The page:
... doubling the seed of rice on each square ...

... How numerous grains the rice in total?

So us have:

a = 1 (the first term) r = 2 (doubles every time) n = 64 (64 squares top top a chess board)

So:

Becomes:

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= 1−264−1 = 264 − 1

= 18,446,744,073,709,551,615

Which was precisely the result we got on the Binary Digits page (thank goodness!)


And an additional example, this time v r less than 1:


Example: include up the first 10 terms of the Geometric Sequence the halves each time:

1/2, 1/4, 1/8, 1/16, ...

The values of a, r and also n are:

a = ½ (the an initial term) r = ½ (halves every time) n = 10 (10 terms to add)

So:

Becomes:

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Very close come 1.

(Question: if we proceed to increase n, what happens?)


Why go the Formula Work?

Let"s check out why the formula works, because we gain to use an interesting "trick" which is precious knowing.


First, contact the totality sum "S":S= a + ar + ar2 + ... + ar(n−2)+ ar(n−1)
Next, multiply S by r:S·r= ar + ar2 + ar3 + ... + ar(n−1) + arn

Notice the S and S·r space similar?

Now subtract them!

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Wow! all the state in the center neatly release out. (Which is a succinct trick)

By individually S·r indigenous S we obtain a straightforward result:


S − S·r = a − arn


Let"s rearrange it to uncover S:


Factor the end S
and also a:S(1−r) = a(1−rn)
Divide by (1−r):S = a(1−rn)(1−r)

Which is our formula (ta-da!):

Infinite Geometric Series

So what happens once n goes come infinity?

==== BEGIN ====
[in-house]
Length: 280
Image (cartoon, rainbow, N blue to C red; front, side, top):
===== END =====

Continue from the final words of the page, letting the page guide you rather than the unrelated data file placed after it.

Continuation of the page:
We deserve to use this formula:

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But be careful:


r should be in between (but not including) −1 and 1

and r have to not it is in 0 since the sequence a,0,0,... Is no geometric


So our infnite geometric collection has a finite sum once the proportion is less than 1 (and better than −1)

Let"s bring back our ahead example, and also see what happens:


Example: add up all the terms of the Geometric Sequence the halves every time:

12, 14, 18, 116, ...

We have:

a = ½ (the very first term) r = ½ (halves each time)

And so:

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= ½×1½ = 1

Yes, including 12 + 14 + 18 + ... etc equates to exactly 1.


Don"t think me? simply look at this square:

By adding up 12 + 14 + 18 + ...

we finish up through the totality thing!

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Recurring Decimal

On another page us asked "Does 0.999... Same 1?", well, let us see if we deserve to calculate it:


Example: calculation 0.999...

We have the right to write a recurring decimal as a sum favor this:

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And currently we deserve to use the formula:

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Yes! 0.999... does same 1.

See more: Under Which Conditions Of Temperature And Pressure Does A Real Gas Behavior


So over there we have it ... Geometric assignment (and your sums) can do all sorts of impressive and powerful things.


Sequences Arithmetic Sequences and Sums Sigma Notation Algebra Index